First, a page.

& if you read Dr. Heggy’s article you’d understand by now; that the Islamic Wahhabi model is the one Saudi Arabia harbors. Sadly & tragically, which encourage extremist. Thus it’s the rigid Saudi culture we’re talking about here, & not the true soul of the peaceful Islam. You wouldn’t believe that, but Wahhabi Saudis once attempt to rage war on Kuwait long long time ago, they would cut open the cloths covering their chests & shout that in killing us Kuwaitis they would be mortals!!!! NUTS!! & of course they did kill may!! We, as well, suffered from such limited rigid mentalities.

    Of course, we as Kuwaitis & other moderate Muslim countries do not believe, support or practice such rubbish! Simply because, we believe in personal freedom & that Allah is the ultimate judge, also like everywhere else we believe that people are capable of choosing for themselves what’s best for their well-being & if not, police is there. Otherwise, why was police academies invented in the first place?! LOL

    So, as you explain Khalid was studying in the states & now going to study law in London, & the best part when he invited you to have tea with his mother. That is so sweet & humble. So, please stop wondering if Khalid had probably broken thee rules! LOL there is no roles to be broken in the first place! & that defiantly makes him an open minded, & a true kind moderate Muslim. Who can never be compared to such dumb committee when your husband & his friends described him as such – a Muttawa! LOL

    & allow me to correct something cultural here; when a Muslim man continuously dose not wear his egal (the balk round thing they wear in their heads to hold – qutrah – the white cloth), that’s a sign of modesty towards life in general… they think so. That of course wouldn’t make those who do wear it, less modest! Because, God judge us for what we believe truly in our hearts to be & not what we trade mark ourselves of as a signature to something or a code.

    For example, what the Westerners used to wear as symbol of slavery like the neck tie & the denim jeans, is now being counted as luxurious in their/your culture & no one would point out why the indifference about it.

    Finally, the answer to your question if “Allah singles out fasting from all other types of worships saying “Fasting is for me, ” because no one knows whether you are fasting or not, except Allah” a sura? No, it’s Hadeth Qudessi – sacred phrase said to the prophet by Allah, but it’s not Quran.

    Sorry for the delay in answering, but I was busy & tired.

    God Bless You All,

    Truly,
    JOAN

    Comment by JOAN OF ARC | September 29, 2006 | Reply

  6. A Brief Illustrated Guide To Understanding Islam
    http://www.islam-guide.com/

    *lovely booklet

    Comment by JOAN OF ARC | September 29, 2006 | Reply

  7. Joan, every time you write, you give good information. I like it that you also give references. You need to know that whenever you include a website in your comments, it goes to moderation, and will not show up in the comment section until I OK it . . . and that can sometimes take a while.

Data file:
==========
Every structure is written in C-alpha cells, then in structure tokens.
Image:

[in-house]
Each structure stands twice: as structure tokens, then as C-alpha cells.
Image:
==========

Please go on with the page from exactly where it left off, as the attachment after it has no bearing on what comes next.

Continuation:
As busy and tired as you may be, you gave me very good information. Thank you, friend.

    Comment by intlxpatr | September 29, 2006 | Reply

  8. I’m glad that I can be of any help of clearing up even little, while I can, about God’s Final message to humanity – Islam.

    About the websites links, when you OK them I assume you can access them – most importont – right?

    I hope you had the time to read the story of Mrs. Sue Watson – Former pastor, missionary, professor. Master’s degree in Divinity Unitarian Christians.

    Sue Quote: “It is not easy to change your religion. I did not want to loose my salvation if there was salvation to loose. I continued to be shocked and amazed at what I was learning because it was not what I was taught that Islam believed. In my Master’s level, the professor I had was respected as an authority on Islam yet his teaching and that of Christianity in general is full of Misunderstanding. He and many Christians like him are sincere but they are sincerely wrong.”

    I had tears in my eyes when I read her story…

    When truth touches us all so deep.. We cannot deny it… She spoke about not wanting to loose salvation if there was salvation to loose.. & I strongly connected with her right there!

    You are most welcome, friend.

    Comment by JOAN OF ARC | September 29, 2006 | Reply

  9. Excellent conversations and nice posts. Terrorism has nothing to do with Islam. Islam is submission to Allah, our Creator. May Allah grant the light to each human being, for the one who passes this world without the light, is surely a loser, forever.
    And by the way, we need no humans to interpret the Word of Allah, but we need to see the life of our Beloved Prophet (peace be upon him), for when our Beloved Prophet spoke, He spoke on the command of Allah.

    Comment by xpat | October 22, 2006 | Reply

  10. Xpat – thank you for your visit and for your kind words. If you are in Riyadh, my favorite time of the day was dusk, at the Diraa castle & souks, when the sky would go deep purple, everything would close as the men went off to mosque, and there would be ten minutes of hushed silence and the stars would appear, one by one.

    Comment by intlxpatr | October 22, 2006 | Reply

  11. I wonder if “God did work in mysterious ways” again?!

    I know I’m pumping an old post, but I couldn’t resist not to post.

    Enjoyed the comments.

    Sometimes you look back it old stuff and wonder what changes has taken over and if it still feels the same.

    Comment by Touché | October 2, 2007 | Reply